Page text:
Repurposing a mall property runs a borrower between $25 million and $30 million, said Levine. It’s been hard to find lenders who want to take on that risk.
Vanderslice, for his part, thinks the retail fears are “the new risk retention”—i.e., that the worries about them are overblown. He said he anticipates between $75 billion and $80 billion in CMBS origination in 2017, up from an estimated $60 billion last year.
Alternative vs. Traditional Lending
The second panel of the day saw traditional lenders go up against their non-traditional competition (not literally, although a cage fight was suggested later in the day by Mark Edelstein and Commercial Observer will certainly consider this for future events).
Non-traditional lenders arguably controlled the market in 2016, stepping in where banks feared to tread (or were prohibited from treading, rather), and have a continued presence this year which means “there’s an ample supply of capital out there,” said Jeff DiModica, president of Starwood Property Trust.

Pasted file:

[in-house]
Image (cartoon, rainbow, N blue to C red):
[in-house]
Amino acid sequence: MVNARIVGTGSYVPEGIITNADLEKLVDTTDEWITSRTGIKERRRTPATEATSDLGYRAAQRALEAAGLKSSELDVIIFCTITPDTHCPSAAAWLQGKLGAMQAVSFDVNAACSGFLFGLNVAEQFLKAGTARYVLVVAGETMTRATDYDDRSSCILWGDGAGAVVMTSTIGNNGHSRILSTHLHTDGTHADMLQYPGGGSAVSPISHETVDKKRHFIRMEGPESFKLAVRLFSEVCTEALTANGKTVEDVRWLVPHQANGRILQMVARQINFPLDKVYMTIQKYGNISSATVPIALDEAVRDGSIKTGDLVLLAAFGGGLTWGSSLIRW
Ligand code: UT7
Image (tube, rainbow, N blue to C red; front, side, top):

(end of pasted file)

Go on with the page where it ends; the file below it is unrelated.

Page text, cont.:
Timothy Johnson, head of U.S. originations at Blackstone Real Estate Debt Strategies, pointed out the increasing number of equity players starting a debt platform but warned that “It’s a different animal. It can’t be a side job.” Johnson went on to say that there is a new level of sophistication in the industry and “Investors are not confused about which part of the capital stack they are investing in.”
One of the key differences between banks and nonbanks is the level of regulatory scrutiny they face. Alan Wiener, group head of Wells Fargo Multifamily Capital, discussed the regulatory microscope on banks when it comes to construction lending and (shudder) Basel III’s HVCRE rule. Banks are still making construction loans, Wiener said, but ultimately a deal’s sponsor is key. “Who we lend to is ‘A’,number one on the hit parade,” he said. Additionally, Wells Fargo prefers larger deals that can be syndicated, Wiener said.
While the construction lending conversation continued, Simon Ziff, president at Ackman-Ziff, said that he had predicted that a certain active-yet-mysterious Arkansas-based bank’s name would come up 10 times by 10.30am. Such was his confidence in this fact that he made a wager with his colleague. A bet that was sadly lost (sorry, Simon) as Bank of the Ozarks’ name didn’t cross any of the panelists’ lips except for his.